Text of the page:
The best businesses put a customer-centric spin on just about everything they do. They know that, at the end of the day, they are nothing without their customers. Your customers know that, too. Just as public signs of support can really boost a business, a lack of it can kill the same business dead. So, using your customers as part of your marketing strategy is always a good move. It’s about more than just telling them to tell their friends, however. Here's how you squeeze those customers of every drop of marketing juice they got.
Service is essential
The good will of the customer is absolutely key to any of the following strategies working. They might very well love your products or services, but a company can have a very different reputation from what it provides. Besides avoiding anti-consumerist policies where possible, getting that good reputation amongst existing customers is about providing better customer service where possible. Over the phone, over the internet, or in store, you need to be able to provide prompt solutions and a pleasant experience even when dealing with matters that are less than pleasant to the customer. Otherwise, that one time they had a terrible experience over the phone is going to play a role in whether or not a customer goes along with any of the strategies below.
Be a community
The market, in general, has become a much more social place. That is undoubtedly thanks to the influence of the internet. Not only does news (both positive and negative) travel faster, but the veracity of it is often judged by how many people are sharing it. That goes for support of a business, as well. If your business has a thriving social media community built around it, then others will look at that as proof that it’s a company worth supporting. Consistently interacting with your followers, sharing quality content whether you write it yourself or curate it from elsewhere, and showing your company’s human side are essential in building the online following you want.
Show the proof in the pudding
That community is going to become particularly useful when you make use of a customer satisfaction tool to solicit their opinions and feedback on the business. Not only will that data help your overall strategies, as we’ll cover later. The positive feedback becomes a tool that you can use to show that you have the support of your market. Your site can proudly display testimonials and positive feedback results, providing the proof that individuals on the fence might need to go to the next step of the customer journey. If you do get good results, make sure you keep the positive feelings going by taking the time to thank your customers.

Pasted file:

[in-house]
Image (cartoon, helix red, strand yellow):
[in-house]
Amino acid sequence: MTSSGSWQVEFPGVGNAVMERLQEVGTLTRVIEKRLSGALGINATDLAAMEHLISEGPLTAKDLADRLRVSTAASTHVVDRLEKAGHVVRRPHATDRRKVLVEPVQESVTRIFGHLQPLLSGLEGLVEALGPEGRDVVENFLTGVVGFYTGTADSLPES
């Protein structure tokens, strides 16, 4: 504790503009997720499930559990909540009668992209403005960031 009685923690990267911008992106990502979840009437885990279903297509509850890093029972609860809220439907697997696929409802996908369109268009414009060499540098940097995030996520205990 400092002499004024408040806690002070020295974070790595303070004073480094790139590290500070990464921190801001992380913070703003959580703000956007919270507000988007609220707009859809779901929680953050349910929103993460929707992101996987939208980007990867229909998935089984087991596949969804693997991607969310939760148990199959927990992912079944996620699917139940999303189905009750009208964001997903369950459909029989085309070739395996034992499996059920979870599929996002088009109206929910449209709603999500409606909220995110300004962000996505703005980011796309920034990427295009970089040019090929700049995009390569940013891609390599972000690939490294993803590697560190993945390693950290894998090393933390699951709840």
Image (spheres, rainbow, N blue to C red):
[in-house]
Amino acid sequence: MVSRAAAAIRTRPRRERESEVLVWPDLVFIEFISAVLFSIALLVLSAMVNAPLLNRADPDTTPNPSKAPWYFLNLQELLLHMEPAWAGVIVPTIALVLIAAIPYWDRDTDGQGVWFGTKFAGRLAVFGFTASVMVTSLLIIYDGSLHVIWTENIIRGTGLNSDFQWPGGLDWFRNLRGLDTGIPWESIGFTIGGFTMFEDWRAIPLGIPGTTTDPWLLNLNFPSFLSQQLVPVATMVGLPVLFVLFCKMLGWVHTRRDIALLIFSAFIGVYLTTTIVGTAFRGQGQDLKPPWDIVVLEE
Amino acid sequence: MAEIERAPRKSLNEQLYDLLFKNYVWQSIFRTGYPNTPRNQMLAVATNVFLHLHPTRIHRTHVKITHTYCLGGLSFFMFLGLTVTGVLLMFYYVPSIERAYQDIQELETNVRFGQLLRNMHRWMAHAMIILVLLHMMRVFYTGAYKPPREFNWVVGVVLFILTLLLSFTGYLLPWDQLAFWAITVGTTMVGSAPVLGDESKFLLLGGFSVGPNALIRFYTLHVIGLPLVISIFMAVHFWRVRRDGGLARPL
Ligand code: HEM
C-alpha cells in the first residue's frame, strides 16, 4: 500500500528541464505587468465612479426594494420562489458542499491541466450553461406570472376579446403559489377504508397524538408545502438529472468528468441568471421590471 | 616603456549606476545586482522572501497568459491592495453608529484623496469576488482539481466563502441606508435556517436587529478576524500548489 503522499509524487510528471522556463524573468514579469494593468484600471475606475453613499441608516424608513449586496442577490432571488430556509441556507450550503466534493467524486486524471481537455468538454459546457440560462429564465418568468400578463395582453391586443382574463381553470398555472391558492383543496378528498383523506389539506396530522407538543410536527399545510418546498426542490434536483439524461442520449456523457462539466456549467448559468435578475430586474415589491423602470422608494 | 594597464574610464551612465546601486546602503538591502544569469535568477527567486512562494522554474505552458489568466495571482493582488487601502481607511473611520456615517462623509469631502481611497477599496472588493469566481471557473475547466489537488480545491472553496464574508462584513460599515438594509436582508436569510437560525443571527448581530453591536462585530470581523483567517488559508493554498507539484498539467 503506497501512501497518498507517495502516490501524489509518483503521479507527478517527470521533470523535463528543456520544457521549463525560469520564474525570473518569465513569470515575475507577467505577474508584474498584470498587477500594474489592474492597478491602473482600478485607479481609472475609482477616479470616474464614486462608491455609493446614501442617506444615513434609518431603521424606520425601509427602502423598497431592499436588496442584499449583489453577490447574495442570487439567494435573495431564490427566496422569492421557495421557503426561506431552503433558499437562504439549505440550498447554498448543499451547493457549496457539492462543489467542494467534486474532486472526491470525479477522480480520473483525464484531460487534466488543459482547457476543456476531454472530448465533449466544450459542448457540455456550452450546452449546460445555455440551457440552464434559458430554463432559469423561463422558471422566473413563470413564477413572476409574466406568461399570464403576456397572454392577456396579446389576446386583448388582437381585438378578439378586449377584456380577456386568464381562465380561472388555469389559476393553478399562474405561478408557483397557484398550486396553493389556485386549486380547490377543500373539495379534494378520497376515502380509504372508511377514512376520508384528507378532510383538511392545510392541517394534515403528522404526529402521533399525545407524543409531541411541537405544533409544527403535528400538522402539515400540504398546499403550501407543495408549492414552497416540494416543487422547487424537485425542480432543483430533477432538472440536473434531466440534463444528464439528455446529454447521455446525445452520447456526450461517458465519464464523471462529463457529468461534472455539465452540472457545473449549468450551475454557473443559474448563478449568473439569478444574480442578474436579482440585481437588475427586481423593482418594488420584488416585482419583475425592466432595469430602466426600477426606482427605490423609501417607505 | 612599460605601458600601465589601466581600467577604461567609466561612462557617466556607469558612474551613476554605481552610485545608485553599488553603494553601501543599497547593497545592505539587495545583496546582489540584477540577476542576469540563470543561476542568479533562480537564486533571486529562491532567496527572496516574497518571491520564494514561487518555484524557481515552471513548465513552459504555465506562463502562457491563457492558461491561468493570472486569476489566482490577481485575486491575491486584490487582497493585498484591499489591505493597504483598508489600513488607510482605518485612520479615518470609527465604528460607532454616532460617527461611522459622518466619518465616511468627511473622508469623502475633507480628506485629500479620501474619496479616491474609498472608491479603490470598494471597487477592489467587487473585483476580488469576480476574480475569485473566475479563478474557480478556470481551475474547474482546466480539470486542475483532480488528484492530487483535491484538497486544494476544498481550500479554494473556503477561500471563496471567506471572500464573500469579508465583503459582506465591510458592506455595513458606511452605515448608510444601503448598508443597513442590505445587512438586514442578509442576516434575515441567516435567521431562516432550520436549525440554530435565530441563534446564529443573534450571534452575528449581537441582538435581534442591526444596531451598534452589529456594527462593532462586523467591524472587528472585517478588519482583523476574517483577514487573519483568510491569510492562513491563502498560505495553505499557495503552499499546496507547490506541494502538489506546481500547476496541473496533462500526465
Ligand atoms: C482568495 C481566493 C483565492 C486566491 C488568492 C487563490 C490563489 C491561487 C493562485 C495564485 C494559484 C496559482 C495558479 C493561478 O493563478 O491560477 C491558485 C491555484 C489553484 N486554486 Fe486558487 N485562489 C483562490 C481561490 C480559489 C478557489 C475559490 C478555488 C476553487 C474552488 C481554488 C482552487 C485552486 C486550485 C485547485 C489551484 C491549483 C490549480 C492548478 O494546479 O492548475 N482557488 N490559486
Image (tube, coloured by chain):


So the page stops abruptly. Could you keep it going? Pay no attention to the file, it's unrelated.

Even the bad can be turned good
What about when you get bits of feedback that aren’t happy? Poor service, unwise business decisions, unhappy customers. They all happen and they can all leave a poor taste in the mouth of anyone who sees them if they’re made public. Resist the urge to go on the defensive and deny or devalue the opinion of the one leaving the feedback. Respond publicly to let them know you’re considering their feedback and get in touch with them privately to try and resolve issues. If the market is reacting negatively to a change in the business, then take it back to the drawing board. If you can genuinely implement customer feedback to make a change in how you do business, it can serve as proof of your dedication to your customers. You can make a case study, publicly addressing the problem and how you fixed it. If you get it right, then what was a potential crisis can be one of the strongest moments in your marketing strategy. People like seeing that they’re being listened to and taken seriously.
Roll with it
When you don’t have as much content to share and no feedback to solicit, then make sure you’re still active on your social media channels. A lot of businesses are getting better at reactive marketing nowadays. This means creating genuine moments between business and customer, whether it’s for comedic effect or more heartfelt positivity. Allowing your employees some freedom to be personable on social media can create a genuine bond with customers.
All of the steps above are going to help you spread word-of-mouth. Happy customers referring your business. Customers sharing your content. Customers amused or impressed by something your business said on social media. These are all great ways to nudge them in the direction of spreading positive word-of-mouth. But you should consider whether you can offer them something more concrete to achieve the same effect as well. A lot of businesses make use of referral programs that rely on customers telling their peers about the business in order to earn deals or rewards. The benefit of referral systems is that it doesn’t ring false, either. People who refer others to your business do it because it helps them further their own relationship as a customer.
Know them better
In a more general sense, your customers are key to designing better marketing strategies, as well. Those customer feedback tools mentioned above allow you to also collect a lot of data on them. But you should look for that data everywhere. Your website analytics. Customer purchase history. Any mailing lists you might have set up. You can build a better picture of what your market looks like, what their needs are, where they are, and how to best communicate to them. With that information, you can craft marketing materials that much better suited to have the emotional impact on them that will keep them coming back.
There are a lot of ways to make use of existing customers to win more. But you have to be smart in how you do it. Don’t interrupt their journey as customers, don’t be overbearing, and don’t be too obvious. You want them to collaborate gladly, not begrudgingly.